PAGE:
Bret Stephens’ May 25th article in the N.Y. Times comparing Elon Musk to Donald Trump was the most reprehensible attack yet, claiming they are both tweeters, both con artists who are hawking seriously flawed products and both are supported by a dim witted base of fanatics. This comparison of Musk to Trump calls for a comparison of Stephens to Musk:
- Stephens is the son of a former vice president of a Mexican corporation and attended boarding school in Massachusetts. Musk grew up relatively poor in South Africa and taught himself computer programming at age 12.
- Stephens studied political philosophy at the University of Chicago and comparative politics at the London School of Economics, hmmm, why not economics? Musk simultaneously received an economics degree and a degree in physics from the University of Pennsylvania.
What they did with their education:
Stephens, according to Wikipedia, won a Pulitzer prize for being a “prominent voice” among the media advocates for the start of the 2003 Iraq War, for instance writing in a 2002 column that, unless checked, Iraq was likely to become the first nuclear power in the Arab world. Although the weapons of mass destruction used as a casus belli were never shown to exist, Stephens continued to insist on it as late as 2013.”
Musk dropped out of a PhD program in physics to start an electronic banking company that all the big banks said would fail because there was no demand for such a service…it became PayPal and earned Musk $22 million. He invested it all in a rocket company that he said would take off and land at the same site instead of splashing in the ocean. His competitors, NASA, Lockheed and McDonald said it couldn’t be done…he did it. He started an electric car company that all his competitors said would fail because there was no demand…now they are all making electric cars.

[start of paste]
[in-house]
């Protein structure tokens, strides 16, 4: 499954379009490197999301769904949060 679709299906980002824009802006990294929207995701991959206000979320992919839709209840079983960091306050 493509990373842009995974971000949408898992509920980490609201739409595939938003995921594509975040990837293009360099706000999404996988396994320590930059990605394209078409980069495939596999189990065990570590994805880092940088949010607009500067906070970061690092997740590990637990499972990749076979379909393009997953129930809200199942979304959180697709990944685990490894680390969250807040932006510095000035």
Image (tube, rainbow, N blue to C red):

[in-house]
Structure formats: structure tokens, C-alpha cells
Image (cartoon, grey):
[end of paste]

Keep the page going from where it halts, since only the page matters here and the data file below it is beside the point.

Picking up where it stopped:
Who do you think should be praised, the man who got a Pulitzer Prize for being wrong about the Iraq war or the man who started a revolution in the automobile industry? Who should be criticized, the man who risked all his wealth and used his skill to make a difference in the world, but criticized the press, or the man with no business or scientific background who risked nothing and used his skill with words to judge Musk a total failure. To be sure, Musk has a splinter in his eye from tweeting but Stephens has a pole in his eye from using his position to slander a great innovator who is trying to make America great…and succeeding. I think it is sad that a great newspaper like the NY Times stoops to this level of yellow journalism.